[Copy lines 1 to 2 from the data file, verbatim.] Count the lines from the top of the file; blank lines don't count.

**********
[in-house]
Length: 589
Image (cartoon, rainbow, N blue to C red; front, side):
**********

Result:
[in-house]
Length: 589